The Acting General Counsel’s and Chairman’s attack on official time is the federal sector equivalent of an attack on a private sector union security clause.

Later, the NLRBU’s flyer states:

The NLRBU urges Acting General Counsel Lafe Solomon and Chairman Mark Pearce to practice what they preach and to stop trying to destroy their employees’ union.

This isn’t the first time the NLRB has had a spat with its employees’ union. In 2009, the NLRBU urged a boycott and picketing of an event featuring then-NLRB Chairman (and ex-Teamster attorney) Wilma Liebman over a dispute.

The NLRBU had been encouraging local picketing to protest the Board’s refusal to bargain with a unit of its own employees. The Union claims that the Board’s conduct shows defiance of federal law and contempt for the rights of its employees. The dispute arose in 2005, when the NLRBU filed a petition with the Federal Labor Relations Authority, the federal-sector equivalent to the NLRB, to consolidate four previously separate groups of employees. The Board opposed consolidation, but the FLRA, after considering all the evidence, agreed with the Union. After employees voted overwhelmingly in favor of consolidation, the FLRA certified the Union as the lawful bargaining representative in the new unit.

A small dose of irony, no?

By Editor

Nominee #1 for Most Sensible Comment in the 2012 Election Cycle

TT W says:
February 17, 2012
at 9:14 pm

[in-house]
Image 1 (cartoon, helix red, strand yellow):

Some of the comments about Santorum is biased. Some of the comments I have seen regarding Santorum are totally fabricated. Compared to all of the remaining candidates, Santorum is the only consistent authentic conservative. Even some of his critics admit that he is authentic. I am surprised to see some conservatives continue to support Romney or/and Newt after observing their poor judgments and persistent unpopularity at the grass root level. In politics, likability and less or non-political, personal and professional baggage are an asset. Both Romney & Newt have a lot of known baggage that could easily be used against them in the general election. The establishment (Republican) made a commitment to have Romney as a presidential nominee. Romney, Newt, & BHO have a lot of things in common: Individual health mandate; cap & trade; bailouts; TARP. Romney try to argue that his work in the private sector and as an outsider helps him better than Santorum – who worked and lived in Washington before, to grow our economy. He promotes himself as a candidate who could fix the American economic problem. He may think that the American people may not know that a POTUS cannot & will not create or and grow jobs. A president could create a healthy environment through a legislative process by the US Congress for a private sector to grow our economy and jobs. Whether a candidate is an insider or an outsider is less important than what they did or do in areas of their expertise. How can we support Romney when his records clearly show that Romney care is the basis for Obamacare (1/6 of the US economy)? His statement that “I do not care for the very poor”; Republicans say we do not want Romney. Thomas Sowell said (…His (Romney’s) Millions of dollars parked in a tax shelter in the Cayman Island is red meat for the class warfare democrats”. It is silly on the part of Romney and others to say that the most conservative person in the race (may not be an ideal of all) is the least conservative shows desperation. It is widely reported that Newt is a member of the Council on Foreign Relations (CFR) since 1990. CFR stands for a global government at the cost of national independence. In his speech at the center for Strategic & International affairs in July of 1995, I have come across a report that says “He brazenly admitted his disdain for our founding document. According to the report, Newt said “I am for the United Nations”. Gingrich ruined his chance through adulterous affairs and erratic behavior (according to those who know him closely). Newt is unpredictable and Romney is unreliable. Why still some individuals would like to vote for either Romney or Newt, when the BHO and DNC could easily ruin their candidacy in the general? Why do we give to the left a red meat for class warfare? The so called moderates (liberals) will not win in 2012. If conservatives have not learned from what happened to moderate Bob Dole in 1996 and moderate McCain in 2008, they have no body but themselves to blame. Relatively speaking, Santorum has a better chance of beating BHO by making BHO and his failed policies an issue of the general election campaign. The mass media would like us to believe that either Romney or Newt is electable. Knowing fully their vulnerabilities, they promote either of them as ”electable” in order to carry out their massive and vicious attacks in the general to have BHO re-elected. Santorum has a family friendly and manufacturing centered economic policy that could grow our economy and jobs. Not only in social issues is he strong in national security & foreign policy better than any one of the remaining candidates. Please read online his Iran freedom & Support Act & the Syrian Accountability Act which he authored in 2004. His humble beginnings (lived in public housing, from a coal miner grandfather) with almost no political baggage’s unlike Romney & Newt & Ron Paul (with his reckless foreign policy and libertarian views, anti-Semitism views and his racist newsletters) make him immune to class warfare.